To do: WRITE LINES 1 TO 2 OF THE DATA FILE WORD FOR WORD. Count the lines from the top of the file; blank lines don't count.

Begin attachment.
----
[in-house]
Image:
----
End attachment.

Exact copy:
[in-house]
Image: